Radu-Adrian Feurdean, Coriolis Telecom, said they could ask why they had PA/PI and whether this could be fixed. Some of it involved money – there were organisations that couldn’t become LIRs or didn’t want to pay the membership fee. Others could easily pay the membership fee and should become LIRs no matter what, even if they only needed a /48. In some cases, IPv4 PI was used by organisations to provide services – organisations did this because they didn’t feel they were large enough to become LIRs.

Jordi said this confirmed that something was broken in the policy. The reason they had PI in IPv6 was because they had it in IPv4. If they adopted this policy, the differentiation on the cost between the two would need to change, because having a /48 shouldn’t cost the same as a /32 in terms of membership. He didn’t think they needed to consider the problem of the price, as this was out of scope for the WG.

Sebastian said he was having a problem with the term LIR-as-ISP, as there were LIRs that weren’t ISPs and they also needed to consider them (he worked for such an organisation himself). They had a well-defined term, he didn’t think they should make this smaller by saying that there were ISP-LIRs and other LIRs.

Jordi agreed. He said they shouldn’t look at the concrete text he had come up with. The goal was to remove the concept of “End User”. Maybe it was easier to say that you were just an “end site” –  and that made the difference. A regular LIR was not an end site – and the others were just end sites.

Sebastian said he didn’t see the benefit from this change if the status quo was fine.

Erik said it was different, as you had contractual agreements you would need to adjust. There were some companies, such as UN-type organisations, that couldn’t enter into contractual agreements with the RIPE NCC. Costs and contracts were the two main reasons why PI was originally introduced.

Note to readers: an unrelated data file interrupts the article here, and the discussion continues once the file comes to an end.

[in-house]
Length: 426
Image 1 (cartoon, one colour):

Jordi said it was a matter of fixing those agreements, and it wasn’t something they needed to address now. There was nothing to stop them from saying they were removing the End User agreement and making a modification to the LIR agreement.

Erik said if the end result was going to be similar – namely an LIR that had network and infrastructure vs an End User organisation – what were they fixing here?

Jordi said  they would be making the policy simple, by making a single contract that simplified things.

Lu Heng, Larus Cloud Service, said he supported the idea of getting rid of PI, as IPv4 PI had been subject to a lot of abuse over the past decade, which had created a mess in recent years. Getting rid of it might streamline the database and make it cleaner and easier to understand for outsiders. He understood Erik’s statement that some organisations might not be able or might be unwilling to enter into an agreement with the RIPE NCC, but that was a legal issue and they could let the lawyers deal with that part. If space needed to be mobile, they didn’t need PI to do that, they could have a transfer policy to move address space from one provider to another. He supported getting rid of the distinction between PI/PA to make the database easier to understand and manage.

Jordi said he wanted to add that they all knew there were people who were using PI to offer services – he asked if they wanted to allow that – otherwise they needed to do something about it.

Gert said he wanted to echo Peter’s earlier comment about flight level. They didn’t even have a problem statement yet or even agreement on what the problem was. It was therefore too early to discuss specific policy text until they agreed what the problem was. If the problem was that people were misusing PI or that PI was too cheap or too expensive or that the policy was too complicated, that should be agreed on first. Then they could take the next steps on deciding how to fix it. If the problem was that PI was too cheap, then they could pass this to the GM to solve. So first they had to agree what the problem was. Gert thanked Jordi for taking his idea to the WG.

Gert thanked the WG attendees for coming and helping to shape RIPE policy.

End of second session.